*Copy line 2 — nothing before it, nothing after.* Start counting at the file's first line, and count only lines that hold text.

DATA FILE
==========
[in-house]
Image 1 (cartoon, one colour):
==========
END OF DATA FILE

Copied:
Image 1 (cartoon, one colour):